Peter R. Carroll, MD, MPH, presented “PSMA PET Imaging at Time of Diagnosis​” during the 31st International Prostate Cancer Update in July 2021 in Snowbird, Utah.

How to cite: Carroll, Peter R. “PSMA PET Imaging at Time of Diagnosis.” July 2021. Accessed Jul 2024.

PSMA PET Imaging at Time of Diagnosis – Summary

Peter R. Carroll, MD, MPH, Professor of Prostate Cancer and Urology at the University of California, San Francisco, discusses PSMA PET imaging and compares it to conventional imaging at the time of diagnosis. He states that conventional imaging has insufficient sensitivity when staging men with high-risk localized prostate cancer at the time of diagnosis, therefore providing the rationale for using PSMA PET. Dr. Carroll then summarizes data demonstrating PSMA PET’s sensitivity. He begins with the OSPREY trial, which shows overall pelvic lymph node sensitivity of 40.3% and specificity of 97.9% for 18F-DCFPyL PSMA PET, and then looks at a meta-analysis of Gallium-68 PSMA-11 PET that found a sensitivity of 74% and specificity of 96%. He also cites a multicenter, two-arm, randomized study in Australia as proof of PSMA PET’s superiority to conventional imaging due to evidence of lower radiation exposure and higher specificity. Dr. Carroll discusses how PSMA PET impacts treatment planning, looking at a study on the impact of staging PSMA PET scans on radiation treatment plans that found major changes in 30% of patients and minor changes in 13-15%. He believes that the field is moving towards intraoperative imaging and outlines a study he is currently working on that is using an advanced firefly camera for intraoperative imaging and testing to see if the process will result in more therapeutic interventions. Dr. Carroll states that so far the study has been able to identify tumor fluorescence of all patients, has been very effective at identifying residual disease at surgical margins, and has had only one adverse effect: transitory green urine. He concludes that PSMA PET imaging is more sensitive than standard imaging and will soon replace conventional methods, although the impact on long-term outcomes remains to be determined.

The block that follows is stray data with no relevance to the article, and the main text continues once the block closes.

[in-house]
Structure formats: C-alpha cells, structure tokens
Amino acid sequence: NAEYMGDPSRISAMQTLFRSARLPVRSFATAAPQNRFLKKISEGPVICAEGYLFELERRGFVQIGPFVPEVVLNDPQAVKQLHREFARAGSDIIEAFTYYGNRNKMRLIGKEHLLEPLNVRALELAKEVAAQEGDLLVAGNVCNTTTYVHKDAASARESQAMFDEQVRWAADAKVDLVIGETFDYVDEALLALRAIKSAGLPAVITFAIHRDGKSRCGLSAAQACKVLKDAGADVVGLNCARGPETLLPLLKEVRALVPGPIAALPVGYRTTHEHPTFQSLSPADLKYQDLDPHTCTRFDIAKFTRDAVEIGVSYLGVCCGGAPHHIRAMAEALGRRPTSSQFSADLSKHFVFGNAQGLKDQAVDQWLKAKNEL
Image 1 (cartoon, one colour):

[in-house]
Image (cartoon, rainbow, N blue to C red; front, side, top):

About The 31st Annual International Prostate Cancer Update:

The International Prostate Cancer Update (IPCU), founded in 1990, is a multi-day CME conference focused on prostate cancer treatment updates with expert, international faculty. It is led by expert physicians and is designed for urologists, medical oncologists, radiation oncologists, and other healthcare professionals involved in the diagnosis and treatment of prostate cancer. Dr. Carroll delivered this educational activity during the 31st iteration of the meeting in July 2021 in Snowbird, Utah.


Dr. Peter Carroll holds the Ken and Donna Derr-Chevron Professorship in Prostate Cancer and the Taube Family Distinguished Professorship in Urology at the University of California, San Francisco (UCSF). He is also the Associate Director of Strategic Planning and Clinical Services and Program Leader of the Prostate Cancer Program at the Helen Diller Family Comprehensive Cancer Center at UCSF.

Dr. Carroll graduated with honors from Georgetown University School of Medicine. He then went on to complete general surgery training and a urology residency at UCSF, as well as a Fellowship in Urologic Oncology at Memorial Sloan Kettering Cancer Center in New York City. He has taught at the UCSF Department of Urology since 1986, and he became the department chair in 1996. Under his leadership, the department has been consistently ranked one of the top urology departments in the country by U.S. News and World Report. The department has grown, serving an increasingly larger patient population, expanding its research programs, and attracting future leaders in the field for training. Under Dr. Carroll’s leadership, the department managed an average of over $10 million in research grants that put UCSF in first place for urology funding for five consecutive years. Dr. Carroll also established the UCSF Department of Urology’s Tissue Core, a biobank of blood, urine, and residual prostate, bladder, and renal tissues for more than 6,000 consenting patients. In addition to his many accomplishments at UCSF, Dr. Carroll has authored or co-authored over 650 publications, is an active member of numerous professional medical societies, and is currently principal or co-investigator on numerous scientific studies. He is also Past-President of the American Board of Urology (2006-2008). His drive to perfect nerve-sparing prostatectomy has led to many technical innovations, and his pioneering efforts in standardizing an active surveillance regimen has led to many patients postponing radical treatment while maintaining a low risk of cancer progression.